CIS6395: Homework 2 (Wireshark)
University of Central Florida
Cliff C. Zou
Assigned: Sept. 21st, 2016; Due: midnight Sept. 30th, 2016
This homework is modified from the programming project 2 in Dr. Paxson/Wagner’s course “CS161: computer security” in Spring 2010:
I have put a trace file on Webcourse in this homework submission page: HW-2.trace. The packets within each trace are stored in the libpcap file format, which can be opened and read by Wireshark.
1. (10 pts.) HTTP Sessions
For this problem, find all web servers that were visited in the trace (that is, contacted via HTTP). Submit a list of their IP addresses as your answer, then provide the total number of webservers in the list. (Please note that you should not try to identify HTTPS traffic)
2. (15 pts.) Directory Traversal
One simple way people attempt to exploit a web server is by making requests for files outside the normal directories it serves using pathnames with sequences like “../../../”. (Of course, a reasonably well-implemented web server will not fall for tricks like this.) Find a host that appears to be attempting this type of attack and submit its IP address.
3. (15 pts.) Password Guessing
If you’ve ever looked through the logs of an SSH server, you’ve likely seen attempts to login through brute force guessing of usernames and passwords. Of course, the same attack is possible for any type of protocol with password authentication. There is one host that attempted such an attack against a password protected FTP server. Find that host and submit the IP address of the attacker. Also answer: how many times the attacker has tried different passwords in login attempts in your trace?
4. (20 pts.) Unencrypted Usernames and Passwords
Next, find an unencrypted username and password. Note that we are interested in a real username and password, so failed login attempts don’t count. Examples of protocols that can send usernames and passwords without encryption are Telnet, FTP in this project’s traces. List all the usernames and passwords (and their protocols) as your answer.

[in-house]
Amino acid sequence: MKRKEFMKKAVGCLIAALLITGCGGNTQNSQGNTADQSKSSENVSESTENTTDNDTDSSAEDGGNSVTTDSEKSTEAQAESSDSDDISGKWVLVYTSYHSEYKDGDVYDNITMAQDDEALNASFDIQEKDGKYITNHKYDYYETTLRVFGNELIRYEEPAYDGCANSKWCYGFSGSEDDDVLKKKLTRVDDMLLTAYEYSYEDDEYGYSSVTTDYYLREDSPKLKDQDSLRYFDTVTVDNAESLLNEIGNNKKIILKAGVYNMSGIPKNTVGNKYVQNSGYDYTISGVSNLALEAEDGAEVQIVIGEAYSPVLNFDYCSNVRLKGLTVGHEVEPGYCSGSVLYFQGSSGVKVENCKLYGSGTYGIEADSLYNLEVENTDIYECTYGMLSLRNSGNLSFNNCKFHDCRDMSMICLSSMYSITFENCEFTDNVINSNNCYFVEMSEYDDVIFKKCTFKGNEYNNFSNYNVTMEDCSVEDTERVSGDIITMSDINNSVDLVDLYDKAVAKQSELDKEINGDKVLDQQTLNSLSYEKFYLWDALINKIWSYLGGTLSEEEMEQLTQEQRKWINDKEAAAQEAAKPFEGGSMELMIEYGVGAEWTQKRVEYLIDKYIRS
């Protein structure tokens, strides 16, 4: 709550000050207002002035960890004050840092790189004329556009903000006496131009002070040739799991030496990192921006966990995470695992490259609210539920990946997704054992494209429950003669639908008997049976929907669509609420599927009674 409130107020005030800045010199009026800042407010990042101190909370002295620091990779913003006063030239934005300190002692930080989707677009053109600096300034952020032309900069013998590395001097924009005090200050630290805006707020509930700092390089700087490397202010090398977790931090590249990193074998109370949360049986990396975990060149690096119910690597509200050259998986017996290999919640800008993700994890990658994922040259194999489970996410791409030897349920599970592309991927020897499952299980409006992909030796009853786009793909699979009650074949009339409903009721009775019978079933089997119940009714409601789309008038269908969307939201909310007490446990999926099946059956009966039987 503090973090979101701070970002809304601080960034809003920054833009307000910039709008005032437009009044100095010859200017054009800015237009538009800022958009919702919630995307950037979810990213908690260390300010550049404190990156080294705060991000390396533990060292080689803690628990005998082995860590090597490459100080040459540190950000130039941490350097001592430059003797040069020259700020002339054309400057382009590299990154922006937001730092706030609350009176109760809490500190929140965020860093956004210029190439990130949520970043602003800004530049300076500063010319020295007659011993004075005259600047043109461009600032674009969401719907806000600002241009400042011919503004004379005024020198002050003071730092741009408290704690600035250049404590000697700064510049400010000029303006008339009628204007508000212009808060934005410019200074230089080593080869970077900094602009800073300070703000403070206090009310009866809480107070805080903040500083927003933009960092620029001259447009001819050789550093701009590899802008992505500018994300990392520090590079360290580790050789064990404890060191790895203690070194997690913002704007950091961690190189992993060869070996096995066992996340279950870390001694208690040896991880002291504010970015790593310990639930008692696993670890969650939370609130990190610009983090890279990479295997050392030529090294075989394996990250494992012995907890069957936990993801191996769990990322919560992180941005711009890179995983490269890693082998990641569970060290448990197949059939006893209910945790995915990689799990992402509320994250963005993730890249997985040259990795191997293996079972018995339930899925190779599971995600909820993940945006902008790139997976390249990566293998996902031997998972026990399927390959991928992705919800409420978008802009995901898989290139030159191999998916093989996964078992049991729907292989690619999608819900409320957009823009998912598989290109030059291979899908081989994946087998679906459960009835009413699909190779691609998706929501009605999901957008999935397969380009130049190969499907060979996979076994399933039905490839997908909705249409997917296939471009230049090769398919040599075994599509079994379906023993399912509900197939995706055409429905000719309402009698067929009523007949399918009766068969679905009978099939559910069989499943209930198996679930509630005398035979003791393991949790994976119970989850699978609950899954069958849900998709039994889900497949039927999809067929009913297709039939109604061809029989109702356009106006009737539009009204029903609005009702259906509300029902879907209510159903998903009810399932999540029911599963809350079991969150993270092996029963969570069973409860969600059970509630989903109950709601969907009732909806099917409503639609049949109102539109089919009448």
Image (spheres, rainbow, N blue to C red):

5. (15 pts.) Service Versions
Finding hosts running specific versions of servers is an important step in exploiting them; in general, older versions will have more vulnerabilities. For this problem, find the host running the oldest version of Apache. (Apache is the most widely used web server on the Internet.) Don’t count “Apache-Coyote” as “Apache”; also, ignore any servers that don’t specify their version. Submit that host’s IP address.
6. (15 pts.) DNS and Source Port Randomization
Most clients now select a random UDP source port when making DNS queries to help prevent the Kaminsky attack. For this problem, look for clients which do not use a random source port in your trace file. There are exactly two such DNS resolvers (using DNS UDP port 53). As your answer to this question, submit the IP addresses of the two DNS resolvers that use the same source port for all the DNS queries they make (and make more than 1 query).
7. (10 pts.) Ping Scanning
‘Ping’ program can be used to find out whether a remoter computer is online or not, or be used by attackers to do initial probing before real attacks. Identify the hosts that are running Ping in the traffic trace. Submit the list of IP addresses of the client computers that initiate Ping and the list of IP addresses of their targets.
You need to submit a report file. Besides the direct answers to the above 7 questions, you MUST also explain in each question how you derive that solution, such as: what the filter term you have used? What program or command lines you have used to analyze packet text file you saved?
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